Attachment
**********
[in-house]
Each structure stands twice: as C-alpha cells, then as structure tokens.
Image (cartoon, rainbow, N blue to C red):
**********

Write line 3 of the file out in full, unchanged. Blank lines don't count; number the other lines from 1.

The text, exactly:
Image (cartoon, rainbow, N blue to C red):